What Quality and Safety of Care for Patients Admitted to Clinically Inappropriate Wards: a Systematic Review.
J Gen Intern Med. 2019 Apr 22;:
Authors: La Regina M, Guarneri F, Romano E, Orlandini F, Nardi R, Mazzone A, Fontanella A, Campanini M, Manfellotto D, Bellandi T, Gussoni G, Tartaglia R, Squizzato A
BACKGROUND: In countries with public health system, hospital bed reductions and increasing social and medical frailty have led to the phenomenon of "outliers" or "outlying hospital in-patients." They are often medical patients who, because of unavailability of beds in their clinically appropriate ward, are admitted wherever unoccupied beds are. The present work is aimed to systematically review literature about quality and safety of care for patients admitted to clinically inappropriate wards.
METHODS: We performed a systematic review of studies investigating outliers, published in peer-reviewed journals with no time restrictions. Search and screening were conducted by two independent researchers (MLR and ER). Studies were considered potentially eligible for this systematic review if aimed to assess the quality and/or the safety of care for patients admitted to clinically inappropriate units. Our search was supplemented by a hand search of references of included studies. Given the heterogeneity of studies, results were analyzed thematically. We used PRISMA guidelines to report our findings.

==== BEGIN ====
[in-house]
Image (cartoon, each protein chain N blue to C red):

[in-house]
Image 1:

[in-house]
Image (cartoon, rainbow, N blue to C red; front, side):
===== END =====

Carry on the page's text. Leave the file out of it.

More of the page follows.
RESULTS: We collected 17 eligible papers and grouped them into six thematic categories. Despite their methodological limits, the included studies show increased trends in mortality and readmissions among outliers. Quality of care and patient safety are compromised as patients and health professionals declare and risk analysis displays. Reported solutions are often multicomponent, stress early discharge but have not been investigated in the control group.
CONCLUSIONS: Published literature cannot definitely conclude on the quality and safety of care for patients admitted to clinically inappropriate wards. As they may represent a serious threat for quality and safety, and moreover often neglected and under valued, well-designed and powered prospective studies are urgently needed.
PMID: 31011980 [PubMed - as supplied by publisher]